Forbidden kiss provokes tumult, bigotry in Indecent
BY RASA FOURNIER
SPECIAL TO THE STAR-ADVERTISER
PHOTOS BY JAMM AQUINO
The work, by Yiddish playwright Sholem Asch, was performed across Europe. But when it moved to Broadway in 1923, it sent New York into a tumult inspired by its inclusion of a lesbian kiss.
That kiss got all of its actors arrested.
VOGEL, A 1998 Pulitzer-winner for her play “How I Learned to Drive,” brought “Indecent” to Broadway in 2017 to widespread acclaim.
With song, choreography and a string of actors playing an assortment of roles that cover half a century, Vogel has woven together a tale based on Asch’s work and the hot water he and his theatrical troupe found themselves in.
The play begins in 1906, as Asch writes “God of Vengeance.” His wife is delighted by his edgy script, which has the daughter of a brothel owner falling in love with one of the prostitutes. When Asch holds an informal reading of the script, some readers are appalled by the provocative storyline. Nevertheless, the play becomes a hit throughout Europe.
Once translated into English for a Broadway run, however, key parts of the script are changed, undercutting the women’s loving relationship with lasciviousness.
We watch as Asch and his troupe suffer the twists of fortune.
“I’m a long-time fan of Paula Vogel’s,” says director Lurana Donnels O’Malley, a theater professor at the University of Hawaii-Manoa.
“This is Vogel’s finest play, it’s brilliant. But it’s also the most challenging project I’ve ever done. It’s very difficult to read on the page – it has so many characters played by the same actors.”
O’Malley decided that she’d most like the play done in the intimate setting at ARTS at Marks Garage’s, where the thrust stage has actors surrounded by audience on three sides.
Add to the challenges the question of properly representing Yiddish theater, singing in other languages, and speaking with various accents from German to French and Irish.
On top of that, the actors address thematic issues that reverberate historically and politically, now as in 1923.
“When my family watched ‘Indecent,’ we were so impressed that Vogel had knitted all of these issues together,” O’Malley said.
“She’s an extremely compassionate writer. She tackles human issues about vulnerability and tolerance, but she says it in a non-preachy, nonjudgmental way.”
Take for instance, attitudes toward immigrants. When charges are levied against the “God of Vengeance” cast, the controversy seems to be about obscenity. Behind the scenes, however, New York’s Jewish community was consumed with angst about public perception and its repercussions.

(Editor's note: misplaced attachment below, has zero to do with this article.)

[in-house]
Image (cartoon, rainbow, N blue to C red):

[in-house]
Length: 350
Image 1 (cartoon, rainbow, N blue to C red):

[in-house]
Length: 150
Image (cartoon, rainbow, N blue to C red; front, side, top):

“They didn’t feel the play was a good representation of them at a very difficult time, when they needed to show solidarity and assimilation in American culture,” points out O’Malley.
The year after the play is infamously censored on Broadway, the Immigration Act of 1924 was passed, limiting immigration. The law particularly affected Jews (as well as certain European groups and Asians).
“The parallels with today are notable,” O’Malley observes.
CONTEMPORARY AUDIENCES will also respond to the treatment of lesbian love in “Indecent.”
“There is that first same-sex kiss on the American stage in the original play, but Vogel then has a sensual, same-sex women’s relationship among two actors in the troupe,” O’Malley notes, played here by Christina Uyeno and Annie Lokomaika‘i Lipscomb.
“Queer scenes permeate the play in a beautiful way – a play that talks about tolerance and challenges faced particularly by women.”
O’Malley’s drive to tackle the challenging production was bolstered by husband Sean O’Malley, the play’s music director, and their 17-year-old daughters. The family is working on a production together for the first time here.
Ruby O’Malley plays the violin throughout. Her violin is integral to the production as she mingles with the actors at key moments, letting her instrument speak hauntingly. Sister Teia O’Malley designed the production’s props.
The O’Malleys’ company, Open Home Performance Network, is co-producing “Indecent” with ARTS at Marks Garage. The company aims to address current social issues.
Vogel’s own words cast light on what made the play important in 1906 and what makes it important today. When “Indecent” opened at The Vineyard in New York, during its pre-Broadway stint in 2016, Vogel said, “I think the power of art is the power to wound our memory. I think the power of art is a way for us to change our world view. I think art is our spiritual bread that we break together.”
O’Malley says, “This show is about the power of the arts. It’s meta-theatrical in that sense – it’s a play about a small troupe of actors making due with what they have to produce art that means something to them. And that’s also what the cast and crew is doing. If we want to go forward and achieve social justice in our time, it’s the arts that help inspire that.”
>> Where: The ARTS at Marks Garage, 1159 Nuuanu Ave.
>> When: Opens 7:30 p.m. Friday, continues 7:30 p.m. Thursday-Saturday, 2 p.m. Sunday through June 30
>> Cost: $15-$25